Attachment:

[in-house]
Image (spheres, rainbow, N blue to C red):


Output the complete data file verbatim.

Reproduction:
[in-house]
Image (spheres, rainbow, N blue to C red):